Over the years many types of animal attacks have been noted. But this one is quite special, there are killer owls attacking folks in southeast Springfield, Missouri.
Several reports have been made of people being attacked by either a strange flock of aggressive owls, or it could possibly be the same P.O.’d owl doing all the attacking.
Some Victim Reports of Springfield Owl Attacks
“I just turned just in time to see the claws right here, coming at my face. That’s when I ducked, and he hit the dead and started grabbing, and I started swatting, not looking too masculine at that point.”, says Rance Cooper. According to this witness/victim his son Ty was also attacked by the attack owl.
Audre Langebartel of Springfield, MO also received a close encounter of the owl kind… Here’s a quote from her incident, “….then I look up at the light and I see a huge bird coming at me… As soon as I ducked down I felt the owl on me and he just stuck on me and moved around on my back.”
From what I know of owls, they are not only quite nocturnal but also like most animals don’t normally interact with humans like this. My first thought would be maybe they escaped from some sort of animal rescue facility or a zoo. But Kim Banner from the Springfield Nature Center had a different theory.
She said, “They’re going to be protecting territories and protecting nests and they just tend to get more aggressive this time of year, however the Great Horned Owl has been known to attack people for no apparent reason.”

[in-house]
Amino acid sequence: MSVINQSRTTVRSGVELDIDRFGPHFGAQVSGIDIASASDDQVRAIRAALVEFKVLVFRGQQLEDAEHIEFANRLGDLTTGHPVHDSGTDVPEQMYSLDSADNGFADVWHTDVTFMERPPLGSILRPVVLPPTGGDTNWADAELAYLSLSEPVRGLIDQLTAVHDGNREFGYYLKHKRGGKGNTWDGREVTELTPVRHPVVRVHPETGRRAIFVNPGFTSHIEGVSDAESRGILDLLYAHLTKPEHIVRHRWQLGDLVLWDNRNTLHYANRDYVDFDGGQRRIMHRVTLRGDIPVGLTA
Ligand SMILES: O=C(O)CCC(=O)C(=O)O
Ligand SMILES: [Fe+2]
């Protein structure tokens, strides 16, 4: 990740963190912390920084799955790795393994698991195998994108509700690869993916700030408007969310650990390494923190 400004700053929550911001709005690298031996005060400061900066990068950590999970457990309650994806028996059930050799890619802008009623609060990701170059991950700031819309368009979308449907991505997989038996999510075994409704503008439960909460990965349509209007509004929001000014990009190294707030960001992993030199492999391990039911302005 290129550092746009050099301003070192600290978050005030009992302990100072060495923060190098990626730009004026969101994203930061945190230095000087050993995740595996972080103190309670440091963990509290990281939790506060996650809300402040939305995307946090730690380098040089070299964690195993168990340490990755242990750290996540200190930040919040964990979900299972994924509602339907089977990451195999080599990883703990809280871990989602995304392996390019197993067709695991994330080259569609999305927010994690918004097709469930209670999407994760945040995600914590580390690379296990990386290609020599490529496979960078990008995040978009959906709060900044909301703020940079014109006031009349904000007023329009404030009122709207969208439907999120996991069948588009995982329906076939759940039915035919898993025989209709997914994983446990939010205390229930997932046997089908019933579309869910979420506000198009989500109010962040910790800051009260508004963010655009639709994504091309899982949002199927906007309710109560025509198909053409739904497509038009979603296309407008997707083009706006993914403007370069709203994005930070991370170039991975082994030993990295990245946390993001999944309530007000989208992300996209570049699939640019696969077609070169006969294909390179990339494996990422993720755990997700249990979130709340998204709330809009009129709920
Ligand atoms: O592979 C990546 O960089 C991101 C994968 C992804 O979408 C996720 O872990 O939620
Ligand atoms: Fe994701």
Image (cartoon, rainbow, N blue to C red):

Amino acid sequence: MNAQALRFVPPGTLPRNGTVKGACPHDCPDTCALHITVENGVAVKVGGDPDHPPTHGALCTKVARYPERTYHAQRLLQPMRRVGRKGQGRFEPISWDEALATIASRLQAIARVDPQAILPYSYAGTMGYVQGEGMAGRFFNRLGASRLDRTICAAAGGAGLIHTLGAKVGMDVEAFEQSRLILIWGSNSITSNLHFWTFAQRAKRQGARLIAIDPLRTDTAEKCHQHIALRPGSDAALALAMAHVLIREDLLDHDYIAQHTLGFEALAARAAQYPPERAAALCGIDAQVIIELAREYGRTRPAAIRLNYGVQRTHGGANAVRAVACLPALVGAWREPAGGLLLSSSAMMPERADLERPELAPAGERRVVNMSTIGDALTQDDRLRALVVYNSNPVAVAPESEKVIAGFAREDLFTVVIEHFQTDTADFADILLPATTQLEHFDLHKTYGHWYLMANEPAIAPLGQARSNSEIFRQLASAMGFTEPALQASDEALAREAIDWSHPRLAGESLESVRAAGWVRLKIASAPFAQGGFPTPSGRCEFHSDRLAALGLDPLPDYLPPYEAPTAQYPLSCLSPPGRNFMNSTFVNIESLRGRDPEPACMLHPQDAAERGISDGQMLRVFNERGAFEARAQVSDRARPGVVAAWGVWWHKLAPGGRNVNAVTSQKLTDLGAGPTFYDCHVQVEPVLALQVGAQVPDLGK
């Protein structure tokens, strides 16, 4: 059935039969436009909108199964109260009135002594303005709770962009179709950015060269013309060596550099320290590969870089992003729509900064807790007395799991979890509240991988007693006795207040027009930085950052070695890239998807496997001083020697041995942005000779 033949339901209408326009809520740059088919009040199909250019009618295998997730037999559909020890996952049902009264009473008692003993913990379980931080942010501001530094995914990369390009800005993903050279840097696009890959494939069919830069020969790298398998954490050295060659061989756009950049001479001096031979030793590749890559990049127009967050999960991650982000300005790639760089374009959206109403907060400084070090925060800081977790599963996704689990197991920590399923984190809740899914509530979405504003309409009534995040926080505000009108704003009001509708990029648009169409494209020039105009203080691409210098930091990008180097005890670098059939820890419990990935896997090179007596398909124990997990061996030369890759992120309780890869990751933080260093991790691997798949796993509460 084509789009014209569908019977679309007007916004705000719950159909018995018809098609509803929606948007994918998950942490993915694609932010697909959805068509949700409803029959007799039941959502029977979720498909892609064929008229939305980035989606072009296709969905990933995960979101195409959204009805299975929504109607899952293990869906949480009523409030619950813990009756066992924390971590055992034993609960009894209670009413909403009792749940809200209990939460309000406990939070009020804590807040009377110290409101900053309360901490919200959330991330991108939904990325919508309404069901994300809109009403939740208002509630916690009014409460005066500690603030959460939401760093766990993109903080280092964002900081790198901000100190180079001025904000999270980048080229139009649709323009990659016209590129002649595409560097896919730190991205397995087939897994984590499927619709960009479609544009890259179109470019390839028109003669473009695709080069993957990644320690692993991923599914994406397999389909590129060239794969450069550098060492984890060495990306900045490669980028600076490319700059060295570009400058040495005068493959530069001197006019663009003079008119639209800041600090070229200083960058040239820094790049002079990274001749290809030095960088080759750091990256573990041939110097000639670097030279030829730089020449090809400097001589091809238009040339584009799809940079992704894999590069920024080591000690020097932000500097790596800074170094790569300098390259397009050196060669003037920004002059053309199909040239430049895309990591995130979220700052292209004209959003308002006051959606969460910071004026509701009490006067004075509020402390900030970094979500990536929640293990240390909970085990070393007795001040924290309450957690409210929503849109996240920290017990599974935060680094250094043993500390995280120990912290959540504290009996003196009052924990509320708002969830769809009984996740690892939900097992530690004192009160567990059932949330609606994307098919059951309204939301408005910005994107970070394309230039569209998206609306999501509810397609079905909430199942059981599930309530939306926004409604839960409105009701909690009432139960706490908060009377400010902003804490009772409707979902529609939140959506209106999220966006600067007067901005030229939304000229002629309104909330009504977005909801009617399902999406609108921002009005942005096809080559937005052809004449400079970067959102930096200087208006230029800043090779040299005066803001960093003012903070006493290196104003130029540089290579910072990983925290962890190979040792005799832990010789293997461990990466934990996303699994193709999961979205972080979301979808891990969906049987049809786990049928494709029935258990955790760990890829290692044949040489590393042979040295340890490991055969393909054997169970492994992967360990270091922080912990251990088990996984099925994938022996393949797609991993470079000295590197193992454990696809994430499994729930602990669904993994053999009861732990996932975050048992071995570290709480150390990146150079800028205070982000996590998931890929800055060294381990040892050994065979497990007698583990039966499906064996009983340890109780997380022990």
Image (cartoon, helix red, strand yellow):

So evidently this type of behavior is not as uncommon as I initially thought. Here in Texas we don’t see owls that often so maybe it’s normal, but I would certainly hope it wouldn’t be. I have heard of eagles and hawks swooping down and grabbing the occasional small child or pet, but owls???
What Will Happen to the Attack Owls Now?
Now that they’re abusive behavior has been set public, what will happen to them, and how will the people be protected?
Apparently these owls are federally protected and the Missouri Department of Conservation is receiving aid in determining where the owls are nesting and developing a plan to trap and relocate these magnificent birds.
Do you live in or near Springfield, Missouri and heard about these owl attacks? Or if you’ve been victim of an owl attack yourself, please tell us your story in the comments.
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